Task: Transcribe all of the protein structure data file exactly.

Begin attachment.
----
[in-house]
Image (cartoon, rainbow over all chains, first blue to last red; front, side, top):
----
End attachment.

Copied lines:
[in-house]
Image (cartoon, rainbow over all chains, first blue to last red; front, side, top):